O'Keefe, 52, has achieved success with a new starting quarterback in each of his six seasons with the Hawkeyes. Last year, he lost his top three running backs and still managed to help the team win its second Big Ten Championship in three years.
So, coach, you must feel proud of those accomplishments.
"This is our stuff," O'Keefe said. "This is Iowa. It's what we do. Kirk has put together a great culture for our program and instilled great chemistry in our staff. It's a lot of fun to be part of it. It's exciting to work with guys with the football knowledge that they do. Everybody has input into what we do. We have a great line of communication, especially during game day, and it pays off. These guys work as hard as anybody that there is, and I feel fortunate to coach with them all."
In a nutshell – "It ain't about me."
Perhaps, the non-pat-on-the back mentality in O'Keefe was formed at an early age. His father was an iron worker and his mother waited on tables.
"I can't remember half of the stuff that I hear, but I once heard "Humility before honor,"" O'Keefe said. "That sounded like a pretty darn good thing to remember. We try to remind our guys about that an awful lot as well. There are a lot of great football teams. There are a lot of great coaches. The world is full of good things."
In other words – "I'm nothing special."
Perhaps no Iowa coach on the current staff has received more criticism than O'Keefe. From people bashing the bubble screen to armchair quarterbacks second guessing numerous play calls, media has called him out and fans have roasted him on message boards.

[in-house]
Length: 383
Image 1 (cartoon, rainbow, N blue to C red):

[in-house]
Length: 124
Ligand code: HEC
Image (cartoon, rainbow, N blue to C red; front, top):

O'Keefe said he reads some of it, but most of the time it flies right passed him unless his daughter brings it to his attention.
"Any place that we've been since I've been a kid, the offensive coordinator is always getting the criticism," said Brian Ferentz, whose father Kirk is the Iowa head coach and longtime friend of O'Keefe.
"Everybody thinks they can call the offensive plays. Nobody calls the defenses, right? That's just natural that he takes most of the criticism, but he certainly doesn't deserve it. He has a great offensive mind. We run great schemes. We have great game plans. As far as the criticism goes, I'm sure it doesn't bother him too much. He's not the type of person that's real worried about what's being said about him. He's more concerned about making us a better football team. He's done a real good job with that."
While O'Keefe shies away from the glory, it's easy to tell from talking to those he teaches that he's a quality coach and human being.